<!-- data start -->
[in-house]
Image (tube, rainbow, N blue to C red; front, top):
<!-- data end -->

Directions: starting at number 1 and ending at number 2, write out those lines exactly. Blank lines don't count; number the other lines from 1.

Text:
[in-house]
Image (tube, rainbow, N blue to C red; front, top):